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Written by: Georgina Newman
Edited by: Meera Senthilingam
Reviewed by the Your.MD medical team
Essential oils have been marketed as relievers of everything from stress and anxiety to headaches and sore throats.
But are these health claims accurate and are essential oils safe to use? Here’s what the evidence says.
Essential oils are plant extracts. The oil is extracted through a process of pressing or steaming and it's these compounds that carry the plant’s scent.
Essential oils are commonly used in aromatherapy, a form of complementary therapy that uses these oils to improve wellbeing.
In aromatherapy, the oils can be used in different ways. They can be:
When essential oils are applied to the skin, they are usually diluted with carrier oils, such as vegetable oil, which makes them less likely to react with your skin.
You can also buy sprays, candles, bath salts and creams containing essential oils in many health and beauty shops and pharmacies.
Essential oils can affect your skin, so always do a patch test before using them (even if using them with a carrier oil)
Over 90 forms of essential oil are available on the market. Some of the more popular options include peppermint, tea tree, lavender, jasmine, rosemary and chamomile.
Each oil is often known for having particular health benefits. For example, lavender oil is used to help with anxiety and poor sleep, while peppermint oil is used to help improve digestive disorders, such as irritable bowel syndrome (IBS).
Many claims have been made about the health benefits of essential oils, but there’s currently not enough scientific research to back up most of them.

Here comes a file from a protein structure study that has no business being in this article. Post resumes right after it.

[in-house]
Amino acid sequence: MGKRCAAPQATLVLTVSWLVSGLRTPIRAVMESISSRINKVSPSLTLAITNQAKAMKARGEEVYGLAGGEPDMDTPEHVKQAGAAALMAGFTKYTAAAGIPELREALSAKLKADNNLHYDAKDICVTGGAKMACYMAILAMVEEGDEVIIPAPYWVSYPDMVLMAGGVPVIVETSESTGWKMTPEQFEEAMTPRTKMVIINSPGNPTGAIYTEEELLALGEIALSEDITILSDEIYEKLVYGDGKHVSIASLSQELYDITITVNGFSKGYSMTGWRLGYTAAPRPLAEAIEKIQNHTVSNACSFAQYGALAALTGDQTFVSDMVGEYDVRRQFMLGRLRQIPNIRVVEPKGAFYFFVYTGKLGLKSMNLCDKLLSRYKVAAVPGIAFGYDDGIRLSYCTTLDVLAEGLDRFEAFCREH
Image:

However, given the rise in popularity of essential oils, the number of studies assessing how effective they are in treating different health conditions is increasing.
Studies to date have looked at how effective essential oils are at improving symptoms for conditions such as anxiety, stress, insomnia, depression and dementia. More specifically, studies have explored whether an essential oil like lavender or chamomile can help relieve nausea in pregnancy and pain during childbirth.
In most studies, results were mixed and a scientific review of the existing evidence concluded that further research is needed.
Some studies found that essential oils, in particular lavender, may be beneficial for sleep and relieving anxiety in adults. For example, a 2017 study looked at sleep quality in people with heart disease and found that inhaled lavender oil improved sleep and reduced anxiety.
A 2019 review also found that lavender oil helped lower anxiety in women during the first stage of labour in childbirth. But the study’s authors recommended that more research be done in this area.
When applied to the skin, there’s also some evidence that tea tree oil may be beneficial in easing symptoms of Athlete’s foot (tinea pedis).
Some essential oils, including tea tree and eucalyptus, may also offer a small amount of protection against bacteria and viruses, studies suggest. Both oils show a small effect when used in dental products, such as mouthwash, but more research is needed.